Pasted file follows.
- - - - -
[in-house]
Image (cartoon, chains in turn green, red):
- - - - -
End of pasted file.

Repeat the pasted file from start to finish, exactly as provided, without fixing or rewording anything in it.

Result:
[in-house]
Image (cartoon, chains in turn green, red):